Thursday, May 27, 2010
The US released its National Security Strategy 2010 today.
The new strategy clearly identifies economic might as one of the strong pillars of national power, thereby inducing changes and adjustments to military and other instruments of national power.
While identifying major challenges, the NSS 2010 lists WMD proliferation as one of the most serious challenges. It says, "there is no greater threat to the American people than weapons of mass destruction, particularly the danger posed by the pursuit of nuclear weapons by violent extremists and their proliferation to additional states."
NSS also makes a strong case for working in collaboration with international organisations such as the UN and NATO to address major challenges and threats. However, the US reserves the right to use of force when there is a risk to inaction. The document reads, "While the use of force is sometimes necessary, we will exhaust other options before war whenever we can,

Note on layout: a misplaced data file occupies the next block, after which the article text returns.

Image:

and carefully weigh the costs and risks of action against the costs and risks of inaction. When force is necessary,we will continue to do so in a way that reflects our values and strengthens our legitimacy, and we will seek broad international support, working with such institutions as NATO and the UN Security Council. The United States must reserve the right to act unilaterally if necessary to defend our nation and our interests, yet we will also seek to adhere to standards that govern the use of force. Doing so strengthens those who act in line with international standards, while isolating and weakening those who do not. We will also
outline a clear mandate and specific objectives and thoroughly consider the consequences —intended and unintended—of our actions."